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Springfield Housing Authority Celebrates 10 years of SASH

The Eagle Times

SPRINGFIELD, Vt. — The Springfield Housing Authority, a nonprofit, affordable housing community for older and disabled adults, established in September of 1944, has been recognized by the statewide Support and Services at Home program for offering support and services at home (SASH) to residents and surrounding community members for 10 years, helping to keep older adults and people with disabilities healthy and living independently.

The Springfield SASH program currently serves 100 participants ranging in age from 25-99 in Springfield. Most participants reside in Springfield Housing Authority apartments, but we have some community participants, also. Participants receive one-on-one assistance and health coaching from a full-time SASH Coordinator Linda Husband, and part-time wellness nurse Diane Daniels, who create personal relationships with each person, support their health and well-being, and coordinate programming based on participants’ needs and desires.

Working in tandem with the local SASH team, which includes case managers and staff from Senior Solutions, HCRS, Springfield Medical Care Systems, VNH, Bayada, and Vermont Chronic Cares. These community partners are essential in helping our participants. SASH truly believes in a team approach.

“SASH participants at the Springfield Housing Authority enjoy better health and a higher quality of life thanks to all the support they receive from SASH and the local SASH team,” Husband said.

“It’s been such a help for many people, especially those with high blood pressure, diabetes, and other chronic conditions," Daniels said.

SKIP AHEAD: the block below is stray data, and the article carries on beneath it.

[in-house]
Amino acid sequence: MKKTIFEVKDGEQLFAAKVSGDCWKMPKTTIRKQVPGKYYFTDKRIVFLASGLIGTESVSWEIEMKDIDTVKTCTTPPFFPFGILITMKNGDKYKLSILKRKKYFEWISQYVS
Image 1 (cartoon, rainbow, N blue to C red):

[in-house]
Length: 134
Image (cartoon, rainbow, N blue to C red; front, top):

Statewide participants in the SASH hypertension-management program have lowered their systolic blood pressure by an average of 16 points, and 80 percent of those in the diabetes-management program now have blood sugar levels below the 7 percent “healthy” threshold. This in turn reduces the need for costly medical interventions and saves healthcare dollars.

In addition to programs like these that address chronic health conditions, SASH provides social activities, educational programming, and access to fitness classes. We have an annual flu clinic in our buildings sponsored by Rite Aid. We have balance screenings with a licensed physical therapist. We also set up medical rides through the MOOver.

“All of these things keep participants active and engaged, and they help to combat loneliness and isolation, which is especially common among older adults,” Daniels said.

“Having SASH based at housing sites is what makes it work,” Husband said. “We’re able to develop trusting relationships with residents and really get to know them, so we can recognize when something is wrong and step in to offer any help they may need. We want people to age as well as they can in their own homes for as long as they can.”